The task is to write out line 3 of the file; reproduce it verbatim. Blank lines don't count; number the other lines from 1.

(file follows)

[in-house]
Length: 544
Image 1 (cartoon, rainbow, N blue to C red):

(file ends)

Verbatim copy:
Image 1 (cartoon, rainbow, N blue to C red):